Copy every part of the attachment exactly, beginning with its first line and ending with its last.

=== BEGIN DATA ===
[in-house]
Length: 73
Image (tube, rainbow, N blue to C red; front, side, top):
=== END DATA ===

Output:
[in-house]
Length: 73
Image (tube, rainbow, N blue to C red; front, side, top):